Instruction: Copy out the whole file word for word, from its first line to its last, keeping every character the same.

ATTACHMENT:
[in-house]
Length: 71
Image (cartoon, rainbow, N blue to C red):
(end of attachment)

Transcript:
[in-house]
Length: 71
Image (cartoon, rainbow, N blue to C red):